• Give a Gift
  • Customer Service
  • Promotions
  • Videos
  • Blogs
  • Win
  • Games

May 16, 2013

Level the Paying Field

In 1963, President John F. Kennedy signed the Equal Pay Act, a landmark law promising pay parity for women. Fifty years later, we're still making only 77 cents to a man's dollar. Why? And can we do anything about it? (Short answer: Yes, we can!)


Photo Credit: AP Photo

Special Offer

Why are we still making less than men? We've all heard the stats and know the score: Even though we outnumber men on college campuses, we're still stuck on that measly 77 cents, where we've been languishing for years. In 1970, we made 59 cents to a man's dollar, and that was 43 years ago. If the wage gap is such common knowledge, why can't we get up to speed?

Some of it is about personal choice: Men are more apt to pursue careers in high-paying fields like computer science, engineering, and finance, while women are more likely to go into education, child care, and social sciences—careers that pay less. (Why those fields pay less is another story altogether.) We're more likely to leave the workforce or go part-time during our corporate-ladder climb to start or take care of families. But our personal choices don't explain away the gap entirely: Even when we don't leave the workplace, we're paid less. Even when we choose careers in science, tech, and engineering, we're paid less. We're even paid less right out of college.

But here's the good news: There's a steady cultural drumbeat today that could very well turn the wage-gap tide in our favor, finally, once and for all. In Congress, U.S. Senator Kirsten Gillibrand (D-NY) and her fellow cosponsors are pushing the Paycheck Fairness Act, a bill that will strengthen the Equal Pay Act (see box below) and make it harder to pay women less for the same job. Facebook's Sheryl Sandberg launched an explosive conversation this spring about the lack of women in corporate and government leadership positions with her new book, Lean In. Add to these the general media glare on the wage gap, and it's looking like now is the perfect time to fight for what's fair.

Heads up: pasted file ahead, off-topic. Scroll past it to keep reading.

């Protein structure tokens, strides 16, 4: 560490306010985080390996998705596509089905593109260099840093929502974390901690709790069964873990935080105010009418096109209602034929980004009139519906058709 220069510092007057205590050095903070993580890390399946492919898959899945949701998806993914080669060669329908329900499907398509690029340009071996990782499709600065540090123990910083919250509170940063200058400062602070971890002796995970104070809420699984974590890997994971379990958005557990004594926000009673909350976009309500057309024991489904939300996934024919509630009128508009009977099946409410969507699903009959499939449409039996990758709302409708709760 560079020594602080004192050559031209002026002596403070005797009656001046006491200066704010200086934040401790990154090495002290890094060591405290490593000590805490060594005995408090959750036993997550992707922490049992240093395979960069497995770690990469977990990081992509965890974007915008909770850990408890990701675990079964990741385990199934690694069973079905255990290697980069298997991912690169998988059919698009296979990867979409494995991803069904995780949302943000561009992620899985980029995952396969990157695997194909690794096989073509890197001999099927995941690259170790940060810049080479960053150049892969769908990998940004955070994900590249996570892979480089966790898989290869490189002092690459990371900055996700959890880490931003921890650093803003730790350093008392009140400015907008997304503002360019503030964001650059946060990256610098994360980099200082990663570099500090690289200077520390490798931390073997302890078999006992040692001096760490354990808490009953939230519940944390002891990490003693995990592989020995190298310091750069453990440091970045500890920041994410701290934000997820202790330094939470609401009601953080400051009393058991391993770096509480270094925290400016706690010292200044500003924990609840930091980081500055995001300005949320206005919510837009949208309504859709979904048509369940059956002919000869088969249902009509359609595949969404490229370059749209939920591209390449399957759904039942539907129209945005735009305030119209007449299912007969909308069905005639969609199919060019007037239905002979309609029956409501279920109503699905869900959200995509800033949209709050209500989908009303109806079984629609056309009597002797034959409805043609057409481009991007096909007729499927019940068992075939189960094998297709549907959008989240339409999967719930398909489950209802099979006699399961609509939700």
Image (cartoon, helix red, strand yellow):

How to do it? Campaign to pass the Paycheck Fairness Act. (Go to marieclaire.com/paycheckfairness to learn more.) Find out what you're worth, and negotiate a higher salary if you realize you're making less than you deserve. Learning to negotiate is the number one thing that we can do to battle the wage gap—and it's something that, for all the incredible inroads we've made in the workforce, women are notoriously timid about. "[Women] don't want to create waves," explains Gillibrand. "We think we'll be discriminated against if we negotiate." Thankfully, that's changing, too. Over the next few pages, today's killer negotiators give you their best bargaining-table advice. Take it and start making some waves of your own. —Whitney Joiner

This Is A Developing Story
Connect with Marie Claire:
daily giveaway
Win a year’s supply of makeup products from Tarte and a year’s supply of hair products from Hamadi Organics!

Win a year’s supply of makeup products from Tarte and a year’s supply of hair products from Hamadi Organics!

enter now
You Know You Want More
More From Career Tips
The High-Performer's Cheat Sheet

The 10 rarely-discussed-but-totally-essential career skills they don't teach in business school—and expert advice on how to nail them.

The Single Girl's Second Shift

You spend every night at the office, cluttering your desk with takeout containers. Your coworkers with kids are out the door at 5. Does work-life balance apply only to moms? Ayana Byrd reports on the latest type of workplace discrimination.

post a comment

Special Offer
Link Your Marie Claire Account to Facebook

Marie Claire already has an account with this email address. Link your account to use Facebook to sign in to Marie Claire. To insure we protect your account, please fill in your password below.

Forgot Password?

Thanks for Joining

Your information has been saved and an account has been created for you giving you full access to everything marieclaire.com and Hearst Digital Media Network have to offer. To change your username and/or password or complete your profile, click here.

Your accounts are now linked

You now have full access to everything Marie Claire and Hearst Digital Media Network have to offer. To change your settings or profile, click here.